Thursday, 27 March 2014 | MYT 8:58 PM
‘Beng Hee can win Asian Games gold’
David Pearson giving some tips to national No. 2 Mohd Nafiizwan Adnan. - Photo by KNG ZHENG GUAN / The Star
KUALA LUMPUR: To have a coach of David Pearson’s pedigree is a blessing indeed for men’s national No. 1 Ong Beng Hee.
The 55-year-old Peason has coached men’s world champion Nick Matthew for most of his career, as well as the new women’s world champion Laura Massaro for the past three years.
He believes that Beng Hee is capable of delivering a gold medal for Malaysia in the Asian Games from Sept 19-Oct 4.
The 34-year-old Beng Hee, who is the longest-serving player in the national team, is the men’s main hope of defending the individual gold medal which Mohd Azlan Iskandar won in 2010.
Beng Hee who has two Asian Games gold medals from 2002 and 2006, however has been facing a dip in form of late, mostly due to the age factor.
However, Pearson believes the world No. 27 can still go out with a bang as the main challengers for gold at the Asian Games are still within his range. They are world No. 18 Saurav Ghosal of India, world No. 33 Max Lee of Hong Kong as well as national No. 2 Mohd Nafiizwan Adnan.
“In a way, even an old dog can still learn new tricks and it depends on whether Beng Hee wants to go out with a sting, or just a damp squib,” said Pearson who arrived here last Thursday at Beng Hee’s request.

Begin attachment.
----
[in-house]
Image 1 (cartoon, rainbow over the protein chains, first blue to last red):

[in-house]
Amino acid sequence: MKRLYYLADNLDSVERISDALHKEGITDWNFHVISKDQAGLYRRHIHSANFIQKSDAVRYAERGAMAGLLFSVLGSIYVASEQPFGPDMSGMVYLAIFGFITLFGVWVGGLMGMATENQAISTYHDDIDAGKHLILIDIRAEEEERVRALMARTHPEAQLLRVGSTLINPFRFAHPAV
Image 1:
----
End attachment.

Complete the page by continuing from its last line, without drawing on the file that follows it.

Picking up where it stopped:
“The way I look at it, the other guys ... Saurav and Max are not out of Beng Hee’s range and he can still do it if he wants to.
“But, to do that he has to be more open-minded and be prepared to do better.
“Right now, I’m working a bit on the mental side with him, but it’s mostly technical.
“I’m getting him to be more aggressive especially in terms of his body language because he tends to be a little too passive at times.
“He’s got to be a bit more aware of his surroundings and be prepared to go for the shots at the right time. At the end of the day, it’s all about learning new things every day.”
Commenting on Massaro, Pearson admitted that while her squash is not the nicest to watch, she deserves credit for becoming the first Englishwoman to win the world title since Cassie Jackman in 1999.
“Laura’s put in a lot of hard work because she was never the most natural player and she has had to change a lot in her game, especially her technique,” said Pearson.
“Her squash may not be the nicest to watch but she’s whole-hearted ... works hard, and she definitely deserves this win. She should be proud of herself.”
Pearson, who has been based in Harrogate, England, for the past 23 years, will join a sharing session with the national and state-based coaches for three days starting today, before heading home on Monday.